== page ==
Saturday, January 21, 2012

No. 45 - The Sun Also Rises

So I'm going to be reading the Modern Library's 100 best novels. First up? Number 45, Ernest Hemingway's The Sun Also Rises.

Nobody ever lives their life all the way up except bull-fighters.

Let me get this out there at the beginning: I HATE Ernest Hemingway, I always have. His 'iceberg theory' (which I have to be completely honest, it could be something that a teacher/professor attributed to him, I've never read anything by him describing it, but it sounds right, so I'm going with it)of storytelling is pretentious and his storytelling style has become sort of a shorthand for 'underdeveloped.' My experiences with Big Papa were previously confined to some short stories and two novels I had all read in high school: The Old Man and the Sea and A Farewell to Arms.

So the question is out there, why would I pick a book by Hemingway first to read off of the list? I don't know. I do not have a good reason other than it looked good and short (which is a good enough reason to me). For whatever reason, I picked up The Sun Also Rises Thursday afternoon and found it compelling enough to finish yesterday. I have to be honest, I really enjoyed the book. It finally gave me some understanding about several things concerning Hemingway.

First, it is the only work of Hemingway's that I have read where it didn't feel like he was trying too hard to be 'literary' or important. That was always my beef with his work, they have always felt too labored and stiff. I liked the main character, Jacob 'Jake' Barnes. Jake was maimed in the war and as a result he was impotent. This fact come up very obliquely several times as a reason why Jake has difficulty committing to relationships, but it becomes obvious that even if Jake were whole physically, he'd be just as incapable of finding happiness and contentment. Jake's interactions with his friends and acquaintances was enjoyable and Hemingway does really make post-war Paris and Spain feel alive. The dusty, underdeveloped backwaters of Spain and the bright fanfare and non-stop Bacchanalia of the Festival of San Fermin are a great complement to the disintegration of the relationships that are happening in the novel. Hemingway has always somehow been linked to the running of the bulls in Pamplona and now I finally know why.

This is not to say that this novel is perfect, far from it. The rampant anti-Semitism in the novel is off-putting. Robert Cohn is ostracized and belittled for being Jewish, he's the outsider of the group, whose personality falls into stereotype on more than one occasion. There are plenty of reasons to hate Cohn's character, Hemingway didn't need to keep hitting that chord. In fact, there are several instances of some fairly nasty racial epithets in the novel. In 1926 these terms were less shocking I'm sure, but to today's reader they are unsettling.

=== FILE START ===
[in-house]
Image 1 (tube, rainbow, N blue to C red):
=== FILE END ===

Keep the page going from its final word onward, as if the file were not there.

The idea of how this novel would be written in today's world is an interesting one. Sure, we'd probably get a more sanitized world-view, but I'm positive that the content today would be much more explicit sexually and linguistically. Neither of which would improve the book. The general tone of these characters looking, searching for something to give their lives some sort of meaning would be cheapened by the tawdriness of it.

They say that this is Hemingway's ode to the Lost Generation, that this was his way of expressing the ennui and discontent that afflicted this post-WWI group of writers and expatriates. I don't know about all of that, what I do know is that it gave more credence to the idea that people have never changed. When Jake and his companions continue searching for something to fill the void within themselves, whether it is religion, alcohol, or sex, they were mirroring the world that Hemingway lived in, but they could just as easily be writing about people today. The quote at the beginning was Jake's response to Robert Cohn's complaint that he isn't living his life to its fullest capacity, that he wasn't living his life all the way up. I had always believed that to be a 60's or 70's gripe.

So, now that I have finished the first book of this challenge, do I still HATE Ernest Hemingway? Nah,that's way too strong. I don't know that I'll read any of his other works, but this book worked for me. Maybe relying on opinions created by a teen-aged version of me isn't the best idea... Something to think about I guess.

P.S. The Iceberg Theory really was Hemingway's. I still think it's garbage...

1 comment:

Renee said...

This is one of my favorite books. I read it in high school, and thereafter could never understand why people scoffed at Hemingway (you aren't the only one). But then I finally read The Old Man and the Sea and saw what they meant. It's like two different authors. He kind of sucks in every other book but this one.

I think what works in this book vs. his others is that he understood these characters. He got why they were a sad sack of losers, and he showed them doing realistic things a sad sack of losers would do, WITHOUT making you hate them for it. They're just human. Jake hates them, but they are his friends, and when you're young, that makes a lot of sense. I don't think it's the kind of book that makes you a better person, but it is the kind of book that gives you a piece of the world you'd probably never have access to, in a way that makes you feel like a part of it.

I think Eric hated it.

P.S. From now on, I think you need to ask me if I already have the book before you go out and buy it. I checked the list and I have a lot of them.